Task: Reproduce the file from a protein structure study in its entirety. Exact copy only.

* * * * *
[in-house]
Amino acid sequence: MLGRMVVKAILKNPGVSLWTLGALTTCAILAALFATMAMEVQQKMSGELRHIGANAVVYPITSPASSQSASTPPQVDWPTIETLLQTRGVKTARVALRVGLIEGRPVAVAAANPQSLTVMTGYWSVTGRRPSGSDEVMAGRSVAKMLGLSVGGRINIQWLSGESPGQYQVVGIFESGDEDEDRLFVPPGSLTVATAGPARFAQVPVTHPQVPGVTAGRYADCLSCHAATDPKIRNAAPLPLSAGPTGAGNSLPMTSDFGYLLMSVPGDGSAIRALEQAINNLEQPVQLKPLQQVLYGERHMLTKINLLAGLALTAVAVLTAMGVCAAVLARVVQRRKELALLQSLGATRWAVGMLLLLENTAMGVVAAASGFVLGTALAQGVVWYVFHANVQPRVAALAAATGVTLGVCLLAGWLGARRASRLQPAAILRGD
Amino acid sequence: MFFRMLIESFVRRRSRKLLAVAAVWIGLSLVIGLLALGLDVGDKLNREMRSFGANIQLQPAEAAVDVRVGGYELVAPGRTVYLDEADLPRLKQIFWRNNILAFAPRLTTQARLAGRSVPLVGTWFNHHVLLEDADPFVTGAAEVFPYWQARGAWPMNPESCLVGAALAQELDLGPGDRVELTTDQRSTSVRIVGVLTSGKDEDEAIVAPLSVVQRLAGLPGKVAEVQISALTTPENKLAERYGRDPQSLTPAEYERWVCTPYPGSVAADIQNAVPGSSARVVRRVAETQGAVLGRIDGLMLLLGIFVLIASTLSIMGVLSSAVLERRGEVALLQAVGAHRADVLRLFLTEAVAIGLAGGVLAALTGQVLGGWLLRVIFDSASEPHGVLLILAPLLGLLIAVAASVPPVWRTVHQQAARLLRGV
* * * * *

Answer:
[in-house]
Amino acid sequence: MLGRMVVKAILKNPGVSLWTLGALTTCAILAALFATMAMEVQQKMSGELRHIGANAVVYPITSPASSQSASTPPQVDWPTIETLLQTRGVKTARVALRVGLIEGRPVAVAAANPQSLTVMTGYWSVTGRRPSGSDEVMAGRSVAKMLGLSVGGRINIQWLSGESPGQYQVVGIFESGDEDEDRLFVPPGSLTVATAGPARFAQVPVTHPQVPGVTAGRYADCLSCHAATDPKIRNAAPLPLSAGPTGAGNSLPMTSDFGYLLMSVPGDGSAIRALEQAINNLEQPVQLKPLQQVLYGERHMLTKINLLAGLALTAVAVLTAMGVCAAVLARVVQRRKELALLQSLGATRWAVGMLLLLENTAMGVVAAASGFVLGTALAQGVVWYVFHANVQPRVAALAAATGVTLGVCLLAGWLGARRASRLQPAAILRGD
Amino acid sequence: MFFRMLIESFVRRRSRKLLAVAAVWIGLSLVIGLLALGLDVGDKLNREMRSFGANIQLQPAEAAVDVRVGGYELVAPGRTVYLDEADLPRLKQIFWRNNILAFAPRLTTQARLAGRSVPLVGTWFNHHVLLEDADPFVTGAAEVFPYWQARGAWPMNPESCLVGAALAQELDLGPGDRVELTTDQRSTSVRIVGVLTSGKDEDEAIVAPLSVVQRLAGLPGKVAEVQISALTTPENKLAERYGRDPQSLTPAEYERWVCTPYPGSVAADIQNAVPGSSARVVRRVAETQGAVLGRIDGLMLLLGIFVLIASTLSIMGVLSSAVLERRGEVALLQAVGAHRADVLRLFLTEAVAIGLAGGVLAALTGQVLGGWLLRVIFDSASEPHGVLLILAPLLGLLIAVAASVPPVWRTVHQQAARLLRGV